Skip to Content, Navigation, or Footer.
We inform. You decide.
Wednesday, April 17, 2024

Cemetery offers unique way to go green

At the Prairie Creek Conservation Cemetery, there are no headstones. There are no immediate markers indicating any graves. There are no signs of death.

With its wild grass meadows and tall, moss-filled oak trees, it bears more resemblance to a hiking trail.

Located just outside Gainesville and close to Paynes Prairie, the conservation cemetery specializes in natural or “green” burials. There, the deceased are not injected with embalming fluids, and the caskets are biodegradable.

“Ten or 15 years ago this wasn’t being done anywhere, but now there are dozens and dozens of these green cemeteries,” said Robert Hutchinson, a gravedigger at the cemetery. The first burial at PCCC was in July 2010, and now about 75 people are buried there. Another approximately 250 people have predesignated the natural cemetery as their final resting ground, Hutchinson said. With a conventional burial, a concrete or metal vault is placed in the ground, and the coffin is placed inside the vault. The body in the coffin is filled with chemical fluids that preserve it.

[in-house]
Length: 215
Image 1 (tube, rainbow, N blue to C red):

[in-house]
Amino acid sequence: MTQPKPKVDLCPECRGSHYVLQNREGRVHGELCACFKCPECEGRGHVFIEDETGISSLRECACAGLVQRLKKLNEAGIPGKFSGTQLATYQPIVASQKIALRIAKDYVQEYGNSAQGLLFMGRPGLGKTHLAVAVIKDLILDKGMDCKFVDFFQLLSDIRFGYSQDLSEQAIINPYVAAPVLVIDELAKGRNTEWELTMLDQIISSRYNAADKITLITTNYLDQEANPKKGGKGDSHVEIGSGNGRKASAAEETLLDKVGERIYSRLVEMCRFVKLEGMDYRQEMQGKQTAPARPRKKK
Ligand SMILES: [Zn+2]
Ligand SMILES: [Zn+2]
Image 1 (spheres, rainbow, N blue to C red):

Freddie Johnson, a founder of Conservation Burial Inc., the nonprofit organization that started PCCC, said it’s the only certified conservation cemetery in Florida.

Most people choose a traditional coffin burial because they just follow convention, Johnson said.

“[Green burials] are rational and still maintains all reverence and respect and dignity for their loved ones,” he said.

However, Paul Chadik, associate professor and department head of UF’s Engineering School of Sustainable Infrastructure and Environment, explained that with both types of burials, groundwater contamination, among other adverse effects, can be a concern.

“Over 90 percent of the people in Florida use groundwater as a drinking water source,” Chadik said. “You want to be able to protect that source from contamination.”

Because natural burial can be better for the environment and also less expensive, Joseph Fitzgerald decided to be buried at the PCCC. The 47-year-old Hawthorne native was laid to rest at the conservation cemetery in February.

“He loved to go out and visit Paynes Prairie,” said his brother, Michael Fitzgerald. “He liked being outdoors and the natural aspects of Florida.”

Describing the day of his brother’s funeral, Michael Fitzgerald said walking to the burial site was more like a peaceful nature hike.

Enjoy what you're reading? Get content from The Alligator delivered to your inbox

“It was sunny out and very pleasant,” he said. “You’re out in nature, and you feel like you are in the greater cycle of life.”

Support your local paper
Donate Today
The Independent Florida Alligator has been independent of the university since 1971, your donation today could help #SaveStudentNewsrooms. Please consider giving today.

Powered by SNworks Solutions by The State News
All Content © 2024 The Independent Florida Alligator and Campus Communications, Inc.